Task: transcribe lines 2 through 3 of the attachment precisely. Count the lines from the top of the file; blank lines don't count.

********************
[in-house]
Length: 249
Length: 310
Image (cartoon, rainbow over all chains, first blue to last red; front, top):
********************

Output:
Length: 249
Length: 310